• The 2021-22 budget included $21.7 billion from various fund sources—the General Fund, bond funds, and special funds—for programs related to climate and clean energy, a net increase of $4.8 billion (22%) compared to 2020-21 expenditures. The biggest package that was funded by the General Fund was the Drought and Water Resilience Package, with a total of more than $4.6 billion package over three years. Most of the funding is targeted toward grants to improve water supply and reliability, drinking water, and flooding ($3.016 billion total), plus funding to tackles issues such as water quality and ecosystem restorations, immediate drought responses and water supply and reliability.
  • The Zero-Emission Vehicle (ZEV) package is the next largest, with a total of $3.9 billion over three years. This includes $525 million total ($425 million from the General Fund) for the Clean Vehicle Rebate Project and a substantial increase in funding for ZEV-charging infrastructure ($500 million from the General Fund). Other provisions include clean trucks and buses, rail and transit equipment, electric school buses, and manufacturing grants.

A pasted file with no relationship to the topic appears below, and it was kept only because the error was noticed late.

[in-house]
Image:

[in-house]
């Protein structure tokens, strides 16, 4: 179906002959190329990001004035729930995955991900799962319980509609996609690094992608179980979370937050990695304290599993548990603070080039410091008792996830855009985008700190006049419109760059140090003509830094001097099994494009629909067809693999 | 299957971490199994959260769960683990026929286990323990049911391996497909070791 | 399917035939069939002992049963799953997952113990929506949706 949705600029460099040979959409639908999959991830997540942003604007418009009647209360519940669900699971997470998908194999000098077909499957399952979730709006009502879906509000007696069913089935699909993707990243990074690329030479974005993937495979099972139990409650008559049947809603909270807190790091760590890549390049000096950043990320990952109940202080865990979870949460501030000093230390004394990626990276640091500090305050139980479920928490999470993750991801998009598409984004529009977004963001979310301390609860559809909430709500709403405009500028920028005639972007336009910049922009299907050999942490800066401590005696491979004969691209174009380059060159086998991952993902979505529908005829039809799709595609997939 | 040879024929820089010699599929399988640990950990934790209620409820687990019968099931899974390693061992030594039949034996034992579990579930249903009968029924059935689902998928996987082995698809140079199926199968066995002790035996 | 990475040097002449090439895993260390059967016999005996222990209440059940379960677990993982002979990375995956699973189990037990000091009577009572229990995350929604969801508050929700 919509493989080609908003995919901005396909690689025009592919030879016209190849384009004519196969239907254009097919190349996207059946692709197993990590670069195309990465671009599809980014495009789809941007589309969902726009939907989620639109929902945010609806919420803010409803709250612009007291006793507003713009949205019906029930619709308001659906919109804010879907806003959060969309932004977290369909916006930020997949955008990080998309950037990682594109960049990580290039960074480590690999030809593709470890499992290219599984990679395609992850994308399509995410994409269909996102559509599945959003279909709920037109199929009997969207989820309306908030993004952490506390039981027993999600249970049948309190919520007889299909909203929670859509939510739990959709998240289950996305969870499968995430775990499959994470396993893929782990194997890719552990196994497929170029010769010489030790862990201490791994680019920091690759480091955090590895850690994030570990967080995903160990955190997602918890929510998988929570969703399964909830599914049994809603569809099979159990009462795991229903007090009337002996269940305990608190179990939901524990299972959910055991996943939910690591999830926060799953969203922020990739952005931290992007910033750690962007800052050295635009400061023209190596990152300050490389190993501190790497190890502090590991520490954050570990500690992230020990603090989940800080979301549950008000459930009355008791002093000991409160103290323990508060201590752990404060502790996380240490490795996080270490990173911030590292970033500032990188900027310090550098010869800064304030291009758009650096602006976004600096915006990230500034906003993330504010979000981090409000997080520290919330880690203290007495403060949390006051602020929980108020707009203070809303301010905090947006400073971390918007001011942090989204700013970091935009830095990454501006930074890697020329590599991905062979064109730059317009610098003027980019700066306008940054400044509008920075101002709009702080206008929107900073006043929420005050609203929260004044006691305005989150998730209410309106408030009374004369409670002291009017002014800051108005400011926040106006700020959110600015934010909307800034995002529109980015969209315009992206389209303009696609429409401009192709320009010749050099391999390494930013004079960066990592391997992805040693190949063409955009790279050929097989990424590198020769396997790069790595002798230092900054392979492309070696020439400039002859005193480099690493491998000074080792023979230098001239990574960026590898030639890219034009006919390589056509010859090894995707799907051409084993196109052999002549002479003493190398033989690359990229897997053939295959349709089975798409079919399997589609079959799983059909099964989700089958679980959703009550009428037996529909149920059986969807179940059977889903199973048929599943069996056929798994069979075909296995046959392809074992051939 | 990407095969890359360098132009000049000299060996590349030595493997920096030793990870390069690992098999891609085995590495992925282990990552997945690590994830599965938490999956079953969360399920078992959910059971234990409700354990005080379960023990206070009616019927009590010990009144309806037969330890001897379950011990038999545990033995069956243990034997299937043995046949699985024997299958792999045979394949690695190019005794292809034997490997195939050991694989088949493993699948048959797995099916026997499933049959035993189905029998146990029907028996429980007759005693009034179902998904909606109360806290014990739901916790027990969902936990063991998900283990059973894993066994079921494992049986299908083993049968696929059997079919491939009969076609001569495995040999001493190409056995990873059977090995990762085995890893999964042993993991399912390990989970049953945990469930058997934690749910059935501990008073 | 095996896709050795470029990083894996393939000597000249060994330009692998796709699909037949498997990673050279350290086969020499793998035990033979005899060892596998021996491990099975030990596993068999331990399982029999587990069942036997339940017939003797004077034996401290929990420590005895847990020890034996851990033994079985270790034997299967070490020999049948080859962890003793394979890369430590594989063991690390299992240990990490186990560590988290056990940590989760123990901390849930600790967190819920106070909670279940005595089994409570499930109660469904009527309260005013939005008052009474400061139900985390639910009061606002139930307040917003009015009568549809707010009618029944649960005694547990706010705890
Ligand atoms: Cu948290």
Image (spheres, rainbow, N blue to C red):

• The budget includes $75 million in funding for the Building Initiative for Low-Emissions Development (BUILD) Program. This will support the construction of all-electric affordable housing projects through grants and technical assistance for developers.72 In addition to supporting, energy efficiency, the project pitches in to support the state’s affordable housing crisis, as well as the 1.3 million low-income households without proper housing access.73

72 “Building Initiative for Low-Emissions Development Program” California Energy Commission

73 “55 of California’s Counties Lacked Enough Affordable Homes Even Before the Pandemic.” California Housing Partnership. June 3, 2020 Available at: https://chpc.net/55-of-californias-counties-lacked-enough-affordable-homes-even-before-the-pandemic/